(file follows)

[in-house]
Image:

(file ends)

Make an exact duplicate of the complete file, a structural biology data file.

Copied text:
[in-house]
Image: